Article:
We’ve all sat in a hospital room for hours, reading decimated magazines from 1998 about how Good Will Hunting got robbed for Best Picture at the 70th Oscars, wondering where we could be dwelling about this cultural atrocity elsewhere…
As it turns out, an increasing amount of sick people (fictional or otherwise) are opting out of the GP’s office for the more quieting surroundings of nature and wellness retreats.
On THIS LIFE, CBC Television’s new drama series, the series protagonist Natalie Lawson has tried it all. Alternative healing with a cellular reprogrammer, top-notch medical care at one of Montreal’s best hospitals and now, in the penultimate episode of the season, she travels to a wellness retreat with her daughters’ high school principal, Andrew Wallace. And they aren’t the first.
Throughout history, nature’s always been believed to be the key towards a better, healthier life.
One part of the Holy Bible reads like a raving Tripadvisor review for the Dead Seas and its therapeutic powers. Kings and Queens of The British Empire would go gaga over natural mineral baths, believing they could cure ailments or build up physical strength. And President Theodore Roosevelt went so far as to use nature as his personal playground by hunting and chasing game for sport.
Today, wellness and nature retreats account for 14% of global tourism revenue, according to a study presented at the Global Wellness Tourism Congress back in late 2013.
That’s a lot of yoga, mystical tea and yurt money.
But whether you’re going vegan in a wood cabin for your next vacation or just looking to reconnect with wilderness, THIS LIFE showcases some of the Montreal area’s most beautiful green spaces.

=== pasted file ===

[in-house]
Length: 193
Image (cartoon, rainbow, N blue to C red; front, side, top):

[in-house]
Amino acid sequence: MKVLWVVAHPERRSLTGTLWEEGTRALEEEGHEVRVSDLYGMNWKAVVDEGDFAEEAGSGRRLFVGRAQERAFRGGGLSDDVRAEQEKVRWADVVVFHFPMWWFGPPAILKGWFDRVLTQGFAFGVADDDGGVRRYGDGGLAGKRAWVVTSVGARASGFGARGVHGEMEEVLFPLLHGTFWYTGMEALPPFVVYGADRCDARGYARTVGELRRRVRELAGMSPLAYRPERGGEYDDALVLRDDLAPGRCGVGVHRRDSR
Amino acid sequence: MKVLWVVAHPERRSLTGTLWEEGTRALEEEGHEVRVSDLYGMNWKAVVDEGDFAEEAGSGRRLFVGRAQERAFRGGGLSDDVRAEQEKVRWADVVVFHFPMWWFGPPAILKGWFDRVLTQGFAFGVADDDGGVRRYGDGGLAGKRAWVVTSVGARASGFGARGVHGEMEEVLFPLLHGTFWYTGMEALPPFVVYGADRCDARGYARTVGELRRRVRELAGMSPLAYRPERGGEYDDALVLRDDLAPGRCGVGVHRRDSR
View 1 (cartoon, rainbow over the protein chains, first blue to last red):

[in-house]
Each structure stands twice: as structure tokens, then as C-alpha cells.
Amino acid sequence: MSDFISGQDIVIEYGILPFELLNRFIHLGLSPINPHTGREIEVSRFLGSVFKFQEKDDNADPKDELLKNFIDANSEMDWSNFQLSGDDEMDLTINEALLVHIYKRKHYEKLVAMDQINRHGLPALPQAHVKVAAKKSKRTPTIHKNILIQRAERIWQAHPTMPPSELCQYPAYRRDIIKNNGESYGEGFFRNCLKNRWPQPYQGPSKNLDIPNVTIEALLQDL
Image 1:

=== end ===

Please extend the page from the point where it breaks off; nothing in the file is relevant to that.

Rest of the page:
Janine and Gerald Lawson’s house is situated in a small town called St. Hilaire, nestled at the base of Mount Saint-Hilaire. The mountain is maintained by McGill University, which conducts much of its biodiversity research in the surrounding biosphere reserve. Aside from its rare mineral deposits, flora, and unique fauna, the mountain is known for its sheer magnitude of legends. It’s said that the mountain provides not one, but two passages into hell, at a section of the mountain locals call “les portes de fer” (the iron gates). Six dollars will give you full access to the mountain and its many accessible pathways.
Though THIS LIFE has never had the luxury of shooting up north in the Laurentian Mountains, it plays host to the fictional nature retreat Natalie travels to. The Laurentians is a 22 thousand square kilometre stretch of land north of Montreal. It is Quebec’s predominant outdoor playground and cottage country. Amongst its multitude of rolling hills lies Mount Tremblant, the area’s most astonishing hiking and skiing destination. Aside from the weekend stag party blitz in Tremblant village, this huge expanse of land is your one-way ticket to natural reconnection.
The Morgan Arboretum is a 245 hectare nature reserve, located on McGill University's Macdonald Campus in Ste-Anne-de-bellevue on the western side of the island of Montreal. It’s home to some killer tobogganing hills, ski paths and over 170 species of birds. It also happens to be the location of Natalie and Andrew’s retreat for episode nine of THIS LIFE.
Mount Royal is Montreal’s most iconic natural symbol and occasional guest star of THIS LIFE. If you visit on Sundays during the summer months, you’ll have the added honour of busting a groove to the tam-tams that rock the mountain’s east side by Park Avenue. If you’re stuck visiting during wintertime, you’re free to skate on Beaver Lake atop the mountain. A hike, picnic and tasty beverage of choice will do the trick any time of year.
For more of the unique nature that Montreal has to offer, check out new episodes of THIS LIFE, Mondays at 9pm on CBC Television.
I’m Max Morin, Story Coordinator and ultimate blog-blasting insider for THIS LIFE. Bring it back here for more behind-the-scenes info on the series!